What if they had a beer run and lots of people came? Believe it or not, this was something I worried about when Bryan Kolesar and Brian Yaeger approached me about holding the 1st Annual SF Beer Week Beer Run last year, as I have this peculiar habit of analyzing ideas in terms of worst case scenarios. What if someone got hit by a car? What if holding a run like this was actually illegal? After a day of contemplation, I realized a bunch of people getting together for a run and drinking beer afterwards was probably not going to lead to a cataclysmic disaster, and so worked together with Brian and Bryan to get the run organized.
Plenty did go wrong. A blizzard hit Philadelphia that week, and Bryan Kolesar never got a plane out of his home town. We publicized the run only a few days before the event, so very few people were actually aware of it. Of the five people who showed up, pretty much all of them got lost at some point running through Golden Gate park, and one guy had to head back to retrieve his girlfriend who was nowhere to be seen. But I think it’s fair to say that despite all that, everyone had a blast, and a beer run turned out not be not such a crazy idea after all.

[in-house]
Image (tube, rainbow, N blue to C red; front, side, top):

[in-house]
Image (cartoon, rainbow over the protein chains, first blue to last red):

So this year, we figured with better organization, more people would show up to the 2nd Annual Beer Run. What we hadn’t counted on was a contingent from Team in Training showing up, members of the San Francisco Road Runners coming out, that the run would be the subject of a meet-up , or that one of the runners was already organizing beer runs in San Francisco on her own. About 60 of us took over Social Kitchen that morning, proving once again, the seemingly different activities of beer and running hold some sort of resonance.
Beer has long been recognized as a social lubricant. Running, which involves more hard work than drinking beer, not so much so. But since the time I started running as a socially awkward twelve year old, I certainly recognize and appreciate how the shared effort and experiences from a run brings people together and breaks down social barriers. Unlike other sports requiring memberships, access to special facilities, or expensive equipment, if you lace up your shoes and head outside, you’re a runner. And on that late Sunday morning in San Francisco, 60 of us became less of a stranger to each other.
So for those who ran that morning who might be reading this, all I can say is I hope you’ve felt as fortunate to join the beer run as I did.